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Real damage is being done by Trump’s inability to become something other than a verbal Rorschach test. There is the short-term harm. For instance, this Insider post ledes on the GOP presidential nominee rather than this bit of news from the New York Times:

WASHINGTON — A new batch of State Department emails released Tuesday showed the close and sometimes overlapping interests between the Clinton Foundation and the State Department when Hillary Clinton served as secretary of state.

The documents raised new questions about whether the charitable foundation worked to reward its donors with access and influence at the State Department, a charge that Mrs. Clinton has faced in the past and has always denied.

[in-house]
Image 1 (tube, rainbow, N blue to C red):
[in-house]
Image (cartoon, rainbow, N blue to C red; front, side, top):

Then there’s the damage that awaits in November. Also from the New York Times:

In late July, 72 percent of Republican women said they would vote for Mr. Trump, a healthy majority, but far below the level won by the past three Republican presidential nominees. In 2012, Mitt Romney won 93 percent of Republican women. In 2008, John McCain won 89 percent, and four years earlier, George W. Bush won 93 percent.

In politically moderate swing states like Pennsylvania, which aides to Mr. Trump say are crucial to his victory, Mr. Trump’s standing with women over all is perilously low among registered voters: Just 27 percent of women back him, compared with 58 percent for Mrs. Clinton, according to a poll by Franklin & Marshall College.

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You were safe enough last night, tuning into Michael Phelps’ gold-medal performances last night. U.S. House Speaker Paul Ryan, R-Wisc., easily survived his primary re-election challenge from businessman Paul Nehlen, who had found himself the object of praise from GOP presidential candidate Donald Trump. From the Associated Press: